All is not lost, and the season's final third is stronger than the rest--but the bright spots are fleeting. The season wastes most of a great opportunity--exploring the odd friendship between Hank and Ashby--but finally offers some sweet moments toward the end of the season, while Episode 9 (my favorite) takes a more sincere look at some of the couplings. Episode 10, which flashes back to a crucial period in Hank and Karen's life, aims for depth but is ultimately a little too repetitive, while Becca's relationship with new boyfriend Damien (Ezra Miller) is empty. And the season ender feels like a tacked-on prelude for Season 3 (Episode 11 would have been far more effective as the finale). I also wish we got to see more of Amick, whose Janie is underused after a hint of something special.
And yes, some of the lowbrow humor works--I'd be lying if I didn't admit to a few chuckles along the way. But there's just so much of it that it loses most of its impact. The show can certainly be enjoyable--if you're in the right frame of mind, it's probably hysterical. I am not a regular Entourage watcher, but have seen previous episodes--some of them made me laugh, but most of them made me angry and annoyed (I could say the same of Sex and the City). Californication is more concerned with the easy laughs than well-earned respect and meaningful characters, something I just couldn't overlook this time. Regardless of what tone a show runs with, all you can hope for is that it matures--and Hank and company still have a lot of growing up to do.
1. Slip of the Tongue (aired 9/28/08) Hank and Karen decide to pack up and head to New York. As part of the reconciliation, Hank undergoes a vasectomy. Later, after a party at the home of record producer Lew Ashby, Hank runs into trouble.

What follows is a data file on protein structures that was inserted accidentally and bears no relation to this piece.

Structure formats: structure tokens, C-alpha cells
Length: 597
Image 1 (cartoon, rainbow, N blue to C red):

5. Vaginatown (aired 10/26/08) After getting dumped by Karen, Hank moves in to Ashby's mansion. Ashby tries to distract Hank form the heartbreak with a celebrity chef. Meanwhile, Charlie takes on a new client, who's eager to land the lead in an ambitious new porn film.
9. La Ronde (aired 11/23/08) Hank meets Janie for a date, while Karen goes on an impromptu date (of sorts) with Ashby.
Pamela Adlon takes center stage in the other two offerings, where she channels Lisa Lampanelli: an audio commentary on Episode 6 ("Coke Dick & The First Kick"), an odd listen full of silence (lots of silence!), outbursts ("I hate that painting!"/"I love that house!"), laughing, obvious observations ("That was his face feeling sick!", random facts (fake cocaine is powered sugar and powdered milk) and filth ("She had a tiny Band-Aid on her vajonesia!"/"Look at my tits!"). Adlon has a charm, but you're probably more likely to be annoyed than entertained (enough of the "Look at my nails!" and "My hair looks good!"). She should have been paired with someone else for the track--on her own, it just doesn't work. Her parting words: "Yea! Bye! I love you! Thank you for listening to my diarrhea! Have fun! Go jerk off!"
Adlon returns in Marcie's Waxing Salon (2:53), another oddity where the actress takes a tour of Pink Cheeks Salon (which is her Hot Lips salon in the show) with expert waxer Cindy: "This girl is a porn star and she's working tomorrow...we have to make sure that we do it fast and quick cause she wants a tighty whitie, not a pinky inky. So we're gonna do in the butt." Cue blurred footage of the two women waxing a variety of clientele (your guess is as good as mine). Cast bios, a photo gallery, trailers and free episodes of other Showtime shows (available via your PC) are also included. Sadly, no gag reel to be found.
Also, I'd avoid reading the episode summaries on the menu--they reveal far too much (the printed episode guide in the disc sleeve is slightly less spoilertastic).